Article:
Postmark lauds one man’s move to grant women’s suffrage
Postmark Pursuit by Molly Goad
The Niota, Tenn. pictorial postmark shown nearby tells the story of the single vote that ratified the 19th Amendment of the United States Constitution, granting women the right to vote 100 years ago.
It was the summer of 1920, and the measure had been approved by 35 states — one state short of the required 36. The decision was in the hands of Tennessee’s House of Representatives, where it seemed to be deadlocked in a tie.
Harry T. Burn, the youngest member of Tennessee’s legislature, was planning to cast his vote against the amendment until he received a letter from his mother urging him to reconsider.
On Aug. 18, 1920, it was time for the legislators to cast their votes. According to History.com, “Still sporting his red boutonniere [symbolizing opposition to the movement] but clutching his mother’s letter, Burn said ‘aye’ so quickly that it took his fellow legislators a few moments to register his unexpected response.”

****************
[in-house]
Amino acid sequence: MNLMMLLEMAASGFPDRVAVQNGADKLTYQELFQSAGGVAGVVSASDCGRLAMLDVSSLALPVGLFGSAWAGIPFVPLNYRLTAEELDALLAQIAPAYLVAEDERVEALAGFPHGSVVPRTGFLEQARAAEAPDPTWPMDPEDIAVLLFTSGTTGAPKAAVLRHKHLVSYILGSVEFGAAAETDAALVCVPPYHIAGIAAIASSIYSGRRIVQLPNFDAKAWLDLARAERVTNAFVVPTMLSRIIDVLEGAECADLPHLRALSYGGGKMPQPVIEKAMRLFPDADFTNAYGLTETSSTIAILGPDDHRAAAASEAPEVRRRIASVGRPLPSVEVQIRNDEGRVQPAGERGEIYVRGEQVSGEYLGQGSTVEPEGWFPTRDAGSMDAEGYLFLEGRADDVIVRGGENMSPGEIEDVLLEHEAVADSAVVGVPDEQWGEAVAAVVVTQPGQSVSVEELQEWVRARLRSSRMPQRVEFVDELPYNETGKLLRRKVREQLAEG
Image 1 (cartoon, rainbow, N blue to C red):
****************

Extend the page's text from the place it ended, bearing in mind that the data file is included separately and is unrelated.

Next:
This reversal outraged the anti-suffragists in his community, but the next day he spoke in the assembly and stood by his actions.
“I know that a mother’s advice is always safest for her boy to follow, and my mother wanted me to vote for ratification,” he said.
A second postmark shown nearby commemorates the 75th anniversary of the day Japanese representatives signed the instrument of surrender on board the USS Missouri, effectively ending World War II.
To obtain these postmarks, address your request to:
HARRY T. BURN Station, Postmaster, Box 9998, Niota, TN 37826-9998, Aug. 29.
SURRENDER Station, APD Office, 3600 Aolele St., No. 333, Honolulu, HI 96820-9998, Sept. 2.
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